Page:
A Proposal for Mapping IT Professionals' Competence Supported by Multiple Intelligences Theory

A Proposal for Mapping IT Professionals' Competence Supported by Multiple Intelligences Theory

Fabiano Rodrigues Ferreira (University of São Paulo, São Paulo, Brazil) and Jorge Rady de Almeida Jr (Computer and Engineering Systems Department, University of São Paulo, São Paulo, Brazil)
DOI: 10.4018/IJHCITP.2018010101


Currently, many software development projects worldwide have problems with flaws, delays, and backlogs. This situation may create a highly demotivating work environment for technical workers and managers in general. This study is an attempt to better understand the reasons for these flaws and delays, by proposing the following research question: ‘Which aspects may be contributing to these flaws and delays?'. The proposed hypothesis for this article is: ‘In our IT community, professionals who have an affinity with Project Management generally do not have the essential abilities required to be a leader.' In order to address the research question and hypothesis, this article proposes a mapping /assessment of the IT professionals regarding their potentials and skills. Therefore, this article discusses a proposal for discovering IT workers' profile based on the Multiple Intelligences theory and clustering algorithms. The findings revealed correlations, which may indicate the reasons for such delays and flaws in software development projects.
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Currently, one of the most usual problems in the IT market worldwide is connected to an overwhelming work routine. According to studies (Fisher, Strider, & Kelso, 2016), the majority of all IT workers feels stress in their jobs. The reason of this stressful condition may be due to a variety of aspects like long working hours, short deadlines, a lack of technical knowledge to perform a specific task or an excessive turnover rate (Ghapanchi, Ghapanchi, Talaei-Khoei, & Abedin, 2013). Other studies (Tatnall & Reyes, 2005) suggest that the majority of IT courses does not have an appropriate level of depth when studying project management subjects. Additionally, the way that the technical knowledge is acquired may vary among IT professionals. According to some studies, there are different learning styles for IT students (Al-Azawei, Al-Bermani, & Lundqvist, 2016). Based on these facts, we can list some recurrent issues regarding IT projects:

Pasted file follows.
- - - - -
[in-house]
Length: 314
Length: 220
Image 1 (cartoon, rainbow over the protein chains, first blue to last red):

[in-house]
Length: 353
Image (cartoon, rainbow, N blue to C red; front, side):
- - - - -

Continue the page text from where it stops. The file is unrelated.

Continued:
• Flaws and backlogs in conducting IT projects have become increasingly a commonplace and accepted by the professional community (Bassellier & Benbasat, 2004; Gido & Clements, 2014; Hinde, 2005; Wilton, 2005). Reports indicate that the lack of planning, and not attained project deadlines, are among the main issues that affect IT professionals (Pmsurvey.org, 2015; Lacity & Rottman, 2008; Seneschall, 2014);

  • In general, project managers may tend to ignore important technical details concerning projects conduction (Ross & Weill, 2002).

In order to understand the IT scenario, we looked for some studies, which have already widely described the profile of the IT professionals. That is, the professionals’ strengths and weaknesses and the relation of them to their professional activities. Additionally, we looked for some studies that may lead to a classification of different types of IT professionals using MI theory. However, we did not find similar investigations with these topics. Given this, in order to understand the IT professionals’ profile more accurately, we propose the following research questions in this study:

  • (RQ) Which aspects may be contributing to the flaws and delays of software development projects in our IT community?

Based on this research question, we propose the following hypothesis:

  • (H) In our IT community, professionals who have an affinity with Project Management tasks generally do not have essential abilities required to perform them.

In other words, this work proposes a way to better understand the potential of IT professionals using a method that can assess a variety of different skills that a person may have. Although IQ tests are useful tools, they only predict those who do well in a specific educational setting, particularly language and math/logic skills. Given this, IQ tests may be considered insufficient to assess the potential of IT workers, since it can be composed of more different aspects like abilities to cooperatively work with other individuals or a self-knowledge about the individuals’ limitations.

More recently, Gardner (1995, 1999, 2011) has proposed the theory of multiple intelligences (MI theory). According to MI theory, there are nine different kinds of intelligence, each independent of the other: linguistic, logical-mathematical, musical, spatial, bodily-kinesthetic, interpersonal, intrapersonal, naturalistic and existential. Gardner, with MI theory, describes that human potential has a range of spectra and they should be considered in order to understand the profile of an individual.

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